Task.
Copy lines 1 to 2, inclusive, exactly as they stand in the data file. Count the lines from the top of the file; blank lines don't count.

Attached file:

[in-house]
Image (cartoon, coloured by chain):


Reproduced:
[in-house]
Image (cartoon, coloured by chain):